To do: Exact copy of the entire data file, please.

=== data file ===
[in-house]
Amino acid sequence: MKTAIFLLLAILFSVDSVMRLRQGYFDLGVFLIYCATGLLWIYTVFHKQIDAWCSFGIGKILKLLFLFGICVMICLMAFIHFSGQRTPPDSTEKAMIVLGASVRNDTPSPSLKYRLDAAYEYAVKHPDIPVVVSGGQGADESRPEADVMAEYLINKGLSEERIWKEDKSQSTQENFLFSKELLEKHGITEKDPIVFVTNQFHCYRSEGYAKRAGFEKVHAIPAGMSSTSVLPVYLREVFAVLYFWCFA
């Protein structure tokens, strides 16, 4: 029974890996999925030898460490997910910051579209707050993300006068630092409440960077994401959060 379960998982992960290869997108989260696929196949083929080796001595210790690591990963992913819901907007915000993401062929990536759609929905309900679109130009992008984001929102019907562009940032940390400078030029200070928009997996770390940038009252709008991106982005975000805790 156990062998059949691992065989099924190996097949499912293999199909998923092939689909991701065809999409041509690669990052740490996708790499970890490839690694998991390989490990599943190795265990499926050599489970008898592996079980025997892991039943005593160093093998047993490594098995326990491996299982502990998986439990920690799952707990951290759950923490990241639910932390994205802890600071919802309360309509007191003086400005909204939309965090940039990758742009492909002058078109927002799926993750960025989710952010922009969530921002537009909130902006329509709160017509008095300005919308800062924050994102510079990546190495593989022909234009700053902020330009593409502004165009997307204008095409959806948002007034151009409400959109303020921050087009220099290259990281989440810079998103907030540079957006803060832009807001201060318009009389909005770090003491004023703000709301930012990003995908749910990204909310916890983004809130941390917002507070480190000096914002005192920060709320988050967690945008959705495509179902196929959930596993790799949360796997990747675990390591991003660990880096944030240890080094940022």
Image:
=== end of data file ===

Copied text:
[in-house]
Amino acid sequence: MKTAIFLLLAILFSVDSVMRLRQGYFDLGVFLIYCATGLLWIYTVFHKQIDAWCSFGIGKILKLLFLFGICVMICLMAFIHFSGQRTPPDSTEKAMIVLGASVRNDTPSPSLKYRLDAAYEYAVKHPDIPVVVSGGQGADESRPEADVMAEYLINKGLSEERIWKEDKSQSTQENFLFSKELLEKHGITEKDPIVFVTNQFHCYRSEGYAKRAGFEKVHAIPAGMSSTSVLPVYLREVFAVLYFWCFA
């Protein structure tokens, strides 16, 4: 029974890996999925030898460490997910910051579209707050993300006068630092409440960077994401959060 379960998982992960290869997108989260696929196949083929080796001595210790690591990963992913819901907007915000993401062929990536759609929905309900679109130009992008984001929102019907562009940032940390400078030029200070928009997996770390940038009252709008991106982005975000805790 156990062998059949691992065989099924190996097949499912293999199909998923092939689909991701065809999409041509690669990052740490996708790499970890490839690694998991390989490990599943190795265990499926050599489970008898592996079980025997892991039943005593160093093998047993490594098995326990491996299982502990998986439990920690799952707990951290759950923490990241639910932390994205802890600071919802309360309509007191003086400005909204939309965090940039990758742009492909002058078109927002799926993750960025989710952010922009969530921002537009909130902006329509709160017509008095300005919308800062924050994102510079990546190495593989022909234009700053902020330009593409502004165009997307204008095409959806948002007034151009409400959109303020921050087009220099290259990281989440810079998103907030540079957006803060832009807001201060318009009389909005770090003491004023703000709301930012990003995908749910990204909310916890983004809130941390917002507070480190000096914002005192920060709320988050967690945008959705495509179902196929959930596993790799949360796997990747675990390591991003660990880096944030240890080094940022």
Image: